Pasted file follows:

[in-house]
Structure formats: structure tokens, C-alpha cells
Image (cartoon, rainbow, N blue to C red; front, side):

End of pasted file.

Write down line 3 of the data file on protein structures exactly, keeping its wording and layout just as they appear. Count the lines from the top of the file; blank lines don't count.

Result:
Image (cartoon, rainbow, N blue to C red; front, side):